The reusable coffee capsule that takes the hassle out of refills

·2-min read

Tired of throwing out used coffee capsules? Two French engineering students have tapped into the trend for reusable coffee capsules, taking the concept one step further with an entire kit containing coffee, zero waste capsules and a coffee storage and loading device. And, the inventors also boast that it's all made in France.

Do you do a 'George Clooney' when you get into the office, dropping a capsule into a Nespresso machine to get your morning coffee hit? They may be quick and convenient, but capsule coffee systems create a huge amount of waste. Each year, some 20 billion individual coffee capsules are used and discarded worldwide.

Two French engineering students and hands-on handymen, Thibaut de Louvet and Jean de Boisredon, set about thinking of ways to tackle the problem. "We love designing and building things: Thibaut has already built an electric skateboard and a milling machine. For my part, I got into repairing mopeds and designing [other things]. When we got to engineering school, we started thinking together about the case of coffee capsules, which are both disastrous for the environment and expensive for students to buy. We looked at how to go about solving those two problems," Jean de Boisredon told ETX Studio.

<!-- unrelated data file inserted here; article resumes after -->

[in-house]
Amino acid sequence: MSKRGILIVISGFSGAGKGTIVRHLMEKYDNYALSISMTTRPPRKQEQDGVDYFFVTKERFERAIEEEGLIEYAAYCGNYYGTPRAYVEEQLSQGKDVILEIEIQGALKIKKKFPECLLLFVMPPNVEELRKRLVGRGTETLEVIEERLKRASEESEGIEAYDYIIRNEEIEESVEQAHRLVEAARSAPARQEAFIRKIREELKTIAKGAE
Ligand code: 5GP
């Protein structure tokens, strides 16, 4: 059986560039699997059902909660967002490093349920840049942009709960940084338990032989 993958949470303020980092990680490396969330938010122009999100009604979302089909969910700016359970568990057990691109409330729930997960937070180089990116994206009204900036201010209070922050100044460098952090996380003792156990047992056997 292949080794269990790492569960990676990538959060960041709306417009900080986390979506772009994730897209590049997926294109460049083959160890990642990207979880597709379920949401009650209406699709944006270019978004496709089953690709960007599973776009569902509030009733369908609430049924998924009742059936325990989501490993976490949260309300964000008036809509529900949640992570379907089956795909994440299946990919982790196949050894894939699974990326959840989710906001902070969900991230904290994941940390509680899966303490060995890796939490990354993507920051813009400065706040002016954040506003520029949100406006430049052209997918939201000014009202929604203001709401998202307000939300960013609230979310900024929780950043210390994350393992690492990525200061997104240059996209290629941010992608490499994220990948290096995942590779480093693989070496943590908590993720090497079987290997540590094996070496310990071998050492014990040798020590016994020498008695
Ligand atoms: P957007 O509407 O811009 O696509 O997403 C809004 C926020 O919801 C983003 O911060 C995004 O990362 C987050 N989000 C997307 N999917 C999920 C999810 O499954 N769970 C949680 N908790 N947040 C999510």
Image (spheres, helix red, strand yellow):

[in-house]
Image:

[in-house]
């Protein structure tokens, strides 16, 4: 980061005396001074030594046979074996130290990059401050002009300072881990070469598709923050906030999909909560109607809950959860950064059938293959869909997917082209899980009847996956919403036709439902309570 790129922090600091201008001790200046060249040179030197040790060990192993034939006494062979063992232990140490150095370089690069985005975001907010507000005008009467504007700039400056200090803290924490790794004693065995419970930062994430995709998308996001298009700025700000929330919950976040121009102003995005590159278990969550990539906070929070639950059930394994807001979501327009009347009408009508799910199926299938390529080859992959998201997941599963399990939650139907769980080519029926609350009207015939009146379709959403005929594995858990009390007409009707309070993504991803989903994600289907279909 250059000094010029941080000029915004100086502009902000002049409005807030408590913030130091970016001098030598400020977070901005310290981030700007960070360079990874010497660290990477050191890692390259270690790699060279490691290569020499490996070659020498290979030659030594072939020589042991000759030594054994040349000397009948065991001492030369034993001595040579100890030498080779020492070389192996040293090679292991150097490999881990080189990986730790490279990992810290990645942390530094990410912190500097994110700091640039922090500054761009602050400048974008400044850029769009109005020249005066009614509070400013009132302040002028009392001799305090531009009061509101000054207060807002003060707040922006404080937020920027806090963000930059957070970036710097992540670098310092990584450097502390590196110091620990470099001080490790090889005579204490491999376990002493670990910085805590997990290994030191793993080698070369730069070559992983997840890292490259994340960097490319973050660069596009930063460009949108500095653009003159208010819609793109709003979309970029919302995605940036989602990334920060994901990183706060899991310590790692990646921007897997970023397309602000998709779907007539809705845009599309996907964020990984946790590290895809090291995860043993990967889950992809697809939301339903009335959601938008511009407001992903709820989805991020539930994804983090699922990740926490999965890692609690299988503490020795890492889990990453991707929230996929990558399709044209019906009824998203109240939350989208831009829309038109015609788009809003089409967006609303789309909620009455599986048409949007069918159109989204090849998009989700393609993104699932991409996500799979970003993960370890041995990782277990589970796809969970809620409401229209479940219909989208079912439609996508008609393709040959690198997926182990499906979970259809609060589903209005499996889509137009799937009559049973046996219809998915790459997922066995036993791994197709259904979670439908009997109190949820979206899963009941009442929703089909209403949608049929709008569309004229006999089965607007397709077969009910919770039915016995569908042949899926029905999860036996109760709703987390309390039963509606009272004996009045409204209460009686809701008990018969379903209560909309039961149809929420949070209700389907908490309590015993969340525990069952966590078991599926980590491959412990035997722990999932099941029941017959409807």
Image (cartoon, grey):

The pair came to the conclusion that pollution created by waste capsules could be easily reduced by opting for a reusable model. This led them to design  Caps Me, a system of reusable, zero-waste capsules that work similarly to those made by the famous Nespresso brand.

Here, the difference is that consumers fill capsules themselves by inserting them into a specially designed coffee container which loads the capsules with coffee. Users then add a seal to the capsule before dropping it into their coffee machine. 

"With design software and a 3D printer, we started to build a system for reusing coffee capsules in a simple way. It took more than 100 prototypes and over a year to get to our current product. Thankfully, the first lockdown freed up lots of time for us," explains Jean. 

While the idea isn't new (reusable capsules made from stainless steel and silicone have been on the market for several years), Caps Me promises highly competitive pricing for "equivalent quality of coffee." "Our reusable capsules work out at €0.10 [approx. US$0.12], because you only have to pay for the coffee and the seal," says Jean. The Caps Me co-founder also highlights the practical nature of the coffee container and loading device: "Reusable capsules on their own are such a nuisance to fill by hand that most users switch back to disposable capsules," say the inventors. 

Selling for €39, the first packs (1 coffee container/loading device + 4 reusable capsules + 250g of coffee + 100 seals) will be sent in time for Christmas to the first 200 people who place an order via the presale campaign, which starts November 9.